Yes, we live in trying times, and investors should be concerned about a feeble economy and volatile, often irrational markets. But now more than ever, we need to shunt aside emotions and approach our investments with logic and detachment, and take a long-term view. By understanding the fundamentals of buying bonds, you can be a better investor in any market.
Taxes Are Critical
Your tax bracket determines whether tax-free municipal or taxable bonds are better.
To find the taxable-equivalent yield of a muni, divide its yield by 1 minus your federal tax rate. If you’re in, say, the 35% bracket and a municipal bond pays 3%, its TEY is 4.6%. So buy the muni unless you can get at least 4.6% from a similar taxable bond.
Figuring TEY is trickier when state taxes come into play. A Morgan Stanley tool (opens in new tab) will do the work for you.
New Bonds Versus Oldies
Brokerages sell new and previously issued bonds of all types. For a new offering you generally pay face value, and the sales charges are baked into the interest rate. Commissions are normally higher on older bonds.
To build a complete bond portfolio, though, you’ll need to choose among issues trading in the secondary market to stagger interest-payment dates and maturities. Don’t pay more than 100 cents per dollar of principal if the bond may be called, or redeemed, anytime soon for face value.
Focus on Yield
Bonds are listed with several yields. The most useful figure is yield to maturity, or YTM. That’s what you’ll earn from the bond over its life, including interest payments and changes in principal value should you buy the bond at a price other than par, or face value. You can compare YTM of any bonds, whether taxable or tax-free, high-quality or junk.
Current yield, a bond’s actual interest rate divided by its current price, isn’t as accurate as YTM if you plan to keep a bond permanently for its income stream.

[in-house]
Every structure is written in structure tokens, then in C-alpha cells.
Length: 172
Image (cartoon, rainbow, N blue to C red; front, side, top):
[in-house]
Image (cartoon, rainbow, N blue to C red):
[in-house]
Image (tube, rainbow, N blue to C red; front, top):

Get Checks Regularly
Most bonds pay interest twice a year, six months apart. Buy 12 different bonds -- a fair minimum for a diversified portfolio -- and look forward to 24 paychecks a year. Sweet! Get a blank spreadsheet and start with January, February and so on. Then find appropriate bonds from sources such as Fidelity and Schwab and fill in your calendar.
Rating agencies no longer carry as much clout as they used to. Still, in a recession a bond rated double-A is likely to hold its value better than one with a rating of double-B or lower (junk-bond territory).
More important than the rating are the purpose and backer of an individual bond. With municipals, the surest bets are essential-service revenue bonds, which pay you from school taxes, bridge tolls, or water and sewer fees rather than from general state or local budgets. With corporate bonds, look for companies with relatively little debt compared with equity.
When You Should Sell
When most people buy bonds, they plan to hold to maturity. Exceptions? One is if the issuer is in clear financial trouble or becomes embroiled in a scandal.
Another sell signal would be if inflation, the big enemy of bond investors, were to spiral up. Given today’s economic weakness, that isn’t likely to be a problem soon.
Finally, if interest rates continue to fall, consider pocketing your gains (bond prices and interest rates move in opposite directions) and looking for better income ideas.